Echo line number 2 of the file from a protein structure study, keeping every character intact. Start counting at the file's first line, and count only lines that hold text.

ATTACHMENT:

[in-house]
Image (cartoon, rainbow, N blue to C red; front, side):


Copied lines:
Image (cartoon, rainbow, N blue to C red; front, side):